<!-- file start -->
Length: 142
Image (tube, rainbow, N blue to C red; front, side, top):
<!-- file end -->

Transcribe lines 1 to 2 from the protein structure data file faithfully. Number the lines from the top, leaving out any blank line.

Length: 142
Image (tube, rainbow, N blue to C red; front, side, top):